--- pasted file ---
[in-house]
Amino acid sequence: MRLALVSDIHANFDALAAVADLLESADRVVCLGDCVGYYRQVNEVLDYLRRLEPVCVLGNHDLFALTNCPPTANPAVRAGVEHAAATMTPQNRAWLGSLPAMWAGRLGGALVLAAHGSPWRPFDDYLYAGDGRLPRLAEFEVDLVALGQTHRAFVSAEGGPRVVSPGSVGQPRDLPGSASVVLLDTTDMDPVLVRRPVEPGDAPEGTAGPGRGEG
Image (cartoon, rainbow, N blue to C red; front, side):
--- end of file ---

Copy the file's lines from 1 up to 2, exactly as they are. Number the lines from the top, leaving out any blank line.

[in-house]
Amino acid sequence: MRLALVSDIHANFDALAAVADLLESADRVVCLGDCVGYYRQVNEVLDYLRRLEPVCVLGNHDLFALTNCPPTANPAVRAGVEHAAATMTPQNRAWLGSLPAMWAGRLGGALVLAAHGSPWRPFDDYLYAGDGRLPRLAEFEVDLVALGQTHRAFVSAEGGPRVVSPGSVGQPRDLPGSASVVLLDTTDMDPVLVRRPVEPGDAPEGTAGPGRGEG